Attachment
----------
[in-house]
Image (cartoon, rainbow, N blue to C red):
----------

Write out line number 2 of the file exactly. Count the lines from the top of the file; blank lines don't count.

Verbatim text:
Image (cartoon, rainbow, N blue to C red):